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How Much Food Should Your Livestock Eat? 

Knowing how much forage pastures produce combined with how much food animals eat can tell a rancher how many animals they can sustainably raise.
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Knowing how much forage your pasture produces combined with how much food your animals eat can tell you how many animals they can sustainably raise, according to the National Grazing Lands Coalition

Levi Trubenbach, Ph.D, nutritionist with the Livestock Nutrition Center, is often asked: “How much should I be feeding my cows?”

“It is a valid question with meaningful tradeoffs,” he says. “On one hand, we want to minimize the largest variable cost in a cow-calf business, while, on the other hand, we yearn for maximum reproductive efficiency. The truth is finding yourself on either side of this delicate balance can have profound impacts on financial performance.”

  1. Defining Nutrient Requirements – The first step in designing any cow supplementation program is to define nutrient requirements. The first question Trubenbach asks is, “What stage of production are they in?” Generally, what we need to know is an average timeframe during which cows are expected to calve, rebreed and wean a calf so we can estimate nutrient requirements through the current or future months. Immediately after calving, milk production increases demands for nutrients beyond basic maintenance needs. Approximately eight weeks post-calving, milk production peaks, declining slowly until calves are weaned. In a typical production system, cows rebreed approximately 80 to 90 days after calving, resulting in additional nutrient demands for fetal and maternal support tissues. While gestational nutrient requirements are relatively low during the first two trimesters, these requirements increase exponentially during the last two months of pregnancy. At peak lactation, protein and energy requirements can be 80% to 100% greater than the period immediately following weaning.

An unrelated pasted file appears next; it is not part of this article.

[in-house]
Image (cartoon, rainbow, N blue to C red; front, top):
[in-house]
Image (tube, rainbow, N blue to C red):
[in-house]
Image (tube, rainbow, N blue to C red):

2. Estimating Nutrient Intake – Step two is determining nutrient intake, which is determined primarily by forage quality in two ways: its effects on dry matter intake and its relationship with nutrient concentrations. In general, the higher the forage quality, the more cows will eat of it, and the more nutrients are supplied per unit of intake.
  3. Nutrient Balance – Once we have defined nutrient requirements and estimated supplies, the final step in our process is to calculate nutrient balance, which is nutrient supply less demand, with a negative balance suggesting deficiency and a positive value representing excess.

Learn more from Trubenbach on this topic at the Livestock Nutrition Center. Also, download the Forage Consumption Estimates to find out how much an animal should eat per day, month and year. Figures are based on a daily air-dry matter intake of 2.2 to 3 percent of body weight, depending on the nutritional demands for the type and class of livestock and wildlife. Wildlife values are based on the nutritional needs of average-sized breeding females.  

See how producers boost feed efficiency in grain and silage


Resources & Case Studies

Forage Consumption Estimates

Tailored Advice From Experts

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Additional Resources

Watch NCBA Environmental Stewardship Award Program (ESAP) winner profiles. See how the beef industry showcases its stewardship, conservation and business practices that work together on farms and ranches.

Blair Brothers Angus Ranch – South Dakota

Gracie Creek – Nebraska

Beatty Canyon Ranch – Colorado

JY Ferry & Son, Inc. – Utah

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